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How New York Gang Culture Is Changing

Violence in the NYC criminal landscape is increasingly dominated by small, neighborhood-based factions, though "super-gangs" like the Bloods and Crips linger.
Some gang graffiti on Troutman Street in Bushwick, Brooklyn. Photo via Flickr user Hrag Vartanian

The gang landscape in modern urban America can be tough to wrap your head around. Most of us have heard something about the Bloods and Crips, but those gangs have plenty of factions and rivals.

In New York City, cops attribute much of the lingering gun violence to a relatively small group of men wrapped up in localized gang activity, as the New York Times reported last month. As violence began to move into tourist-frequented areas earlier this year, officials responded with grassroots initiatives led by former gang members. Meanwhile, as VICE recently reported, the NYPD has arguably gone off the deep end in its efforts to rein in gang activity, targeting dance teams for special treatment.


To get a sense of just how real the gang threat is, VICE reached out to renowned New York State gang expert Ron "Cook" Barrett—he has served as a gang prevention specialist in Albany—and Kevin Deutsch, the award-winning Newsday crime reporter and author of The Triangle: A Year on the Ground with New York's Bloods and Crips.

Here's what they had to say.

VICE: What are some of the biggest gangs in New York today, and why are they the most prominent?
Ron "Cook" Barrett: The biggest gangs in NY are obviously influenced by the Department of Corrections (DOC) and filter to the streets. Traditionally, since 1993, the Bloods have been the power within Rikers Island and many state correctional facilities. Sets like the Mac Ballers, G Shine, Brims, and Gorilla Brims have been active and constantly fight for control of facilities. They outnumber many rivals. There are Crip sets, Latin Kings, Trinitarios, Gangster Disciples, MS-13, and others active.

Every nationality is represented within the gang culture… and with the African-American population in New York State prisons being the largest, the gangs will reflect that. In California, for example, because of the Mexican population, the Mexican Mafia (Sureños, Nuestra Familia) are the power groups. With the Hispanic population growing in New York State, these groups are starting to become more visible in our state. The largest ethnic group in the area will dictate what type of gangs you see.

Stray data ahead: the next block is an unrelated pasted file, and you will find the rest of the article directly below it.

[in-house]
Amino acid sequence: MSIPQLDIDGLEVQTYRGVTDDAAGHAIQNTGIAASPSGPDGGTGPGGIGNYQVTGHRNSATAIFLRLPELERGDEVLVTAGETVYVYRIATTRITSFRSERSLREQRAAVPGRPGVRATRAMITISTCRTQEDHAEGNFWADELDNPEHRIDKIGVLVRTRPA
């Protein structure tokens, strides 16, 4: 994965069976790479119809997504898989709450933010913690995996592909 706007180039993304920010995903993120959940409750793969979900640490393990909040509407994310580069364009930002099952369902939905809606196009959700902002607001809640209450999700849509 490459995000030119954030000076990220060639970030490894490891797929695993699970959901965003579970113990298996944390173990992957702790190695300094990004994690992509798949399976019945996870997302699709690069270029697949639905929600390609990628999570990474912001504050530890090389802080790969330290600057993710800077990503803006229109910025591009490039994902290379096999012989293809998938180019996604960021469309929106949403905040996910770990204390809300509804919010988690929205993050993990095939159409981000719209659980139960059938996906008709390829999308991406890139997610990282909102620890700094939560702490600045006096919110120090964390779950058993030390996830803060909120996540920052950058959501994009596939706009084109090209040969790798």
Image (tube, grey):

The staying power of many local Bloods sets—despite scores of gang sweeps and crackdowns over the years—has been remarkable.

The biggest trend in New York State has been the influence of hybrid gangs—these groups are known and represent in their cities only… They represent local housing projects, parks, city blocks, and streets…. Buffalo, Syracuse, Albany, Newburgh, Poughkeepsie, and obviously the boroughs of New York all have a heavy presence of local territorial hybrid gangs with nontraditional names like Wave Gang, 4 Block, YGz….Brooklyn, Queens, the Bronx, Mount Vernon, Washington Heights, you name it… they all are seeing a rise in hybrid gangs that are not connected to the traditional "super-gangs" (Bloods, Crips, Kings, etc.).

Kevin Deutsch: During my reporting In New York City and its suburbs, I've found that the Bloods and Crips are likely the largest gangs in the region, with each boasting dozens of sets across the five boroughs and Long Island. The Bloods appear to have more members, due to especially high membership rates in and around low-income housing projects in the Bronx, Brooklyn, and Queens, as well as on Rikers Island. The Bloods boast higher membership numbers largely because of their decades-old presence in impoverished pockets of the city—areas that have withstood several waves of gentrification. The staying power of many local Bloods sets—despite scores of gang sweeps and crackdowns over the years—has been remarkable. Collectively, however, the number of young men belonging to independent neighborhood cliques and crews still outnumber Bloods and Crips. They are so abundant, and densely spread across the region, that it's difficult to say which of them is the largest in terms of membership.


How do the gangs affect the neighborhoods, schools and other institutions where they're active?
Barrett: Gangs provide protection, belonging, and respect. They have replaced the traditional family. They obviously rule on intimidation and fear. Kids today believe in power by numbers and have two choices: join the power group or form a group to go against the power group. As far as the neighborhoods, usually gang-related graffiti increase and property values decrease. Poverty plays a major role in the formation of gangs and neighborhoods reflect the poverty… neglected homes, shuttered buildings, etc. Schools become more violent, metal detectors become the norm, increased security and after school issues (fights, etc) ripple back to the community.